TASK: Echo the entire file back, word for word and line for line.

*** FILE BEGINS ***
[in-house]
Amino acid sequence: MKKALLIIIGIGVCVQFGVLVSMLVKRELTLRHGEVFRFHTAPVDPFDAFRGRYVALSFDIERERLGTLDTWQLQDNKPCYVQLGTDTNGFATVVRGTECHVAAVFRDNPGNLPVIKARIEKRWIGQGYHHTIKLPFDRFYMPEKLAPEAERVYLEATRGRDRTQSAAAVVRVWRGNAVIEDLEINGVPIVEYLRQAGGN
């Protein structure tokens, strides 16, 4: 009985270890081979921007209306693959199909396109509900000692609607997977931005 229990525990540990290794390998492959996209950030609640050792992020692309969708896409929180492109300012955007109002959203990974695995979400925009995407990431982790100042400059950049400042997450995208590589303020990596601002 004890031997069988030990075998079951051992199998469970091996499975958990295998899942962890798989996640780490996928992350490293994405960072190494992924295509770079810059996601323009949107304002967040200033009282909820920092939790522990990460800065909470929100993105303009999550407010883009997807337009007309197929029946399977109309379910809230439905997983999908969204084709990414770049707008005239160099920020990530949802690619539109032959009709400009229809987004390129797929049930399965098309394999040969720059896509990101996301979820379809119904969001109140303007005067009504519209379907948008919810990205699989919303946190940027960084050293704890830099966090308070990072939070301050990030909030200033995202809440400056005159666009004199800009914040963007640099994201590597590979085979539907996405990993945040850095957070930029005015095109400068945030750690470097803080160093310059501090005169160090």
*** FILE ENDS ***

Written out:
[in-house]
Amino acid sequence: MKKALLIIIGIGVCVQFGVLVSMLVKRELTLRHGEVFRFHTAPVDPFDAFRGRYVALSFDIERERLGTLDTWQLQDNKPCYVQLGTDTNGFATVVRGTECHVAAVFRDNPGNLPVIKARIEKRWIGQGYHHTIKLPFDRFYMPEKLAPEAERVYLEATRGRDRTQSAAAVVRVWRGNAVIEDLEINGVPIVEYLRQAGGN
């Protein structure tokens, strides 16, 4: 009985270890081979921007209306693959199909396109509900000692609607997977931005 229990525990540990290794390998492959996209950030609640050792992020692309969708896409929180492109300012955007109002959203990974695995979400925009995407990431982790100042400059950049400042997450995208590589303020990596601002 004890031997069988030990075998079951051992199998469970091996499975958990295998899942962890798989996640780490996928992350490293994405960072190494992924295509770079810059996601323009949107304002967040200033009282909820920092939790522990990460800065909470929100993105303009999550407010883009997807337009007309197929029946399977109309379910809230439905997983999908969204084709990414770049707008005239160099920020990530949802690619539109032959009709400009229809987004390129797929049930399965098309394999040969720059896509990101996301979820379809119904969001109140303007005067009504519209379907948008919810990205699989919303946190940027960084050293704890830099966090308070990072939070301050990030909030200033995202809440400056005159666009004199800009914040963007640099994201590597590979085979539907996405990993945040850095957070930029005015095109400068945030750690470097803080160093310059501090005169160090």